Category: Document Retention

Retention of Employer Documents by Whistleblowers Part 8—Retaliatory Counterclaims

As previously discussed, the improper collection, retention, and use of an employer’s documents can pose serious problems for a whistleblower’s subsequent legal claims.  Improper retention of employer documents can also subject the whistleblower to civil and/or criminal liability.  Very often the possibility for such liability arises in the context of a retaliatory counterclaim brought by…




Retention of Employer Documents by Whistleblowers Part 7—The Negative and Destructive Consequences

While many whistleblowers may feel that the only way to prove their case is by collecting and taking the documents from their employer that prove the wrongful conduct that they are blowing-the-whistle on, such conduct can have serious negative consequences for any future legal claims by the whistleblower and may subject the whistleblower to personal…




Retention of Employer Documents by Whistleblowers Part 6—Retaining Documents as Protected Activity Under the Dodd-Frank Act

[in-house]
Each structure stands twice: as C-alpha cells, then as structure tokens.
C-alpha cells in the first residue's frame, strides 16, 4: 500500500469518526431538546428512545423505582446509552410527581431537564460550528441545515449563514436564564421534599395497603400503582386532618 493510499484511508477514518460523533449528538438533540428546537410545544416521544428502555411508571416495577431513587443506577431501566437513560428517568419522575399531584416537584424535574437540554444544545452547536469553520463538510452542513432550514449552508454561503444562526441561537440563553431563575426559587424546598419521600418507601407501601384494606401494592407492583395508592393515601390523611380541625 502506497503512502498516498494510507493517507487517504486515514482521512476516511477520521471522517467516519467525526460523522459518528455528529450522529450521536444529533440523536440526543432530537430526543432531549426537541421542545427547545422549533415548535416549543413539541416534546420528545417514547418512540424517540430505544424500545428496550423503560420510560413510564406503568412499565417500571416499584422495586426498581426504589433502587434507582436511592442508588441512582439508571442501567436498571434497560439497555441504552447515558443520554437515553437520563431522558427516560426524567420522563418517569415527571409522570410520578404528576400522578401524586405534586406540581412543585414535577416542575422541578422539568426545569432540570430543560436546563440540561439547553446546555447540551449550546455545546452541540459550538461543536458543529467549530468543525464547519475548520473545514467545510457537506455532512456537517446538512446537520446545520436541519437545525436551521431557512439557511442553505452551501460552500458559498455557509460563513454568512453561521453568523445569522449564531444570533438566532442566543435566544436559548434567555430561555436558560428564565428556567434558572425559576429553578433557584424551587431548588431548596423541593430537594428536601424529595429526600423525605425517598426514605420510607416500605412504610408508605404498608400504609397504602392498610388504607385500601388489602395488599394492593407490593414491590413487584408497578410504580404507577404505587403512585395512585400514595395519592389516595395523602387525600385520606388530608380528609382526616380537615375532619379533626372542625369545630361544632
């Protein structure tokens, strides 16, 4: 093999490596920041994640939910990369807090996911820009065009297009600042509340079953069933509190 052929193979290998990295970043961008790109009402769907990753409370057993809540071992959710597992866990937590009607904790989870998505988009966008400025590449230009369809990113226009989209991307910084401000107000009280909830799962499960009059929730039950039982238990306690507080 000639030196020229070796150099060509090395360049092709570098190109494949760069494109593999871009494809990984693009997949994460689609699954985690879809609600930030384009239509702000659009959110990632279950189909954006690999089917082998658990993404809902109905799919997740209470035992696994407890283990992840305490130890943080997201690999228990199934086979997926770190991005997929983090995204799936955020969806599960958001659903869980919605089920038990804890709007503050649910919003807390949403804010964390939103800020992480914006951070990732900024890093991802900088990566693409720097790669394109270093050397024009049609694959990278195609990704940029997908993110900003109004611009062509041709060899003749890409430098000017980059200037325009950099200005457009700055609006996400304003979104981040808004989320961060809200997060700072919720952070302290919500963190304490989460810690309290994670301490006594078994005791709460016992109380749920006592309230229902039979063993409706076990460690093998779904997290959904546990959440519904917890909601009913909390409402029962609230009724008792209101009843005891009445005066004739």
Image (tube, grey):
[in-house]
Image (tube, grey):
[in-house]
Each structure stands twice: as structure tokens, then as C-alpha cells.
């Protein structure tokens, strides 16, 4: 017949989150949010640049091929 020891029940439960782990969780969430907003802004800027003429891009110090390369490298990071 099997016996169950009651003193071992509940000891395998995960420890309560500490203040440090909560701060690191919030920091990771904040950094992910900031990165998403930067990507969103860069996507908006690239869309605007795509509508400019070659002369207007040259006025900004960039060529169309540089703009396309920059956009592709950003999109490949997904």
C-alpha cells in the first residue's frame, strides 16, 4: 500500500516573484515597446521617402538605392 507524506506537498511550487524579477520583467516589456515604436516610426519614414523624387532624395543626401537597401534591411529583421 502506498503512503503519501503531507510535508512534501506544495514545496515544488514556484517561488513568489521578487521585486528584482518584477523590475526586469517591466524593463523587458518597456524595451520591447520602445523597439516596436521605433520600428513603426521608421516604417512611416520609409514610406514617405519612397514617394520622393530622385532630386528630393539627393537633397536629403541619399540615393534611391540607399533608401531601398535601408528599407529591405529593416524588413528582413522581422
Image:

One of the most recent and broad whistleblower laws enacted at the federal level was contained in the Dodd–Frank Wall Street Reform and Consumer Protection Act (Dodd-Frank Act).  Although there is little caselaw on the statute and the protections it may provide for whistleblowers who collect, retain, and disclose information evidencing wrongful conduct, the Dodd-Frank…




Retention of Employer Documents by Whistleblowers Part 5—Retaining Documents as Protected Activity Under the False Claims Act

A whistleblower’s acquisition and dissemination of documents may also be protected or privileged under the recently strengthened anti-retaliation and whistleblower provisions of the False Claims Act (FCA). The FCA arguably provides the broadest protection for individuals who collect and retain documents that relate to their employer’s wrongdoing.  Under the FCA, retention of documents has been…




Retention of Employer Documents by Whistleblowers Part 4—Retaining Documents as Protected Activity Under Discrimination Statutes

Under many anti-discrimination statutes the very act of collecting and retaining documents may itself be protected activity, or privileged, if certain criteria are met.  See, e.g., Kempke v. Monsanto Company, 132 F.3d 442 (8th Cir. 1998) (acquiring documents relating to age discrimination, delivering the documents to attorney, and directing employer to contact attorney regarding documents…




Retention of Employer Documents by Whistleblowers Part 3—Using the Information

After the whistleblower has already collected the documents, and assuming that he or she still retains the documents, the next question is what can you do with the information collected? The type of information may constrain how the documents may be used.  For instance, many courts are hesitant to allow a plaintiff to use privileged…